Objective: To assess the effectiveness of nasal saline irrigation in adult patients with chronic rhinosinusitis.
Data sources: PubMed, EMBASE, the Cochrane Library.
Review methods: A comprehensive search was performed, and 2 authors independently screened publications. The design of selected studies was assessed on directness of evidence and risk of bias.
Results: Of 1596 publications, 1 open-label randomized trial with high directness of evidence and moderate risk of bias was included. In this study, 127 patients were randomly allocated to isotonic nasal saline irrigation or isotonic nasal saline spray, as added to their usual medication. The mean 20-Item Sinonasal Outcome Test (SNOT-20) scores of those treated with nasal irrigation improved more than those allocated to nasal spray. While the authors consider an improvement of 16 or more to be clinically meaningful, the changes from baseline in mean SNOT-20 scores of those treated with irrigation (and the differences with those treated with nasal spray) at 2, 4, and 8 weeks were 12.2 (difference 5.5, [95% confidence interval -0.04 to 11.0]), 16.2 (difference 8.8 [3.2 to 14.4]), and 15.0 (difference 6.5 [0.4 to 12.6]), respectively. Side effects of posttreatment nasal dripping were common but minor and did not lead to discontinuation of treatment.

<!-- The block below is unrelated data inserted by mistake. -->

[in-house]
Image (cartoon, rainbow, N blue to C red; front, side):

Conclusion and recommendation: It should be explained to adult patients with chronic rhinosinusitis that there is limited information on the relative effect of nasal saline irrigation and nasal saline spray on subjective symptom improvement, since there is only 1 trial available with a moderate risk of bias showing limited benefit of irrigation over spray.
Keywords: chronic rhinosinusitis; evidence-based medicine; nasal saline irrigation; nasal saline spray; treatment.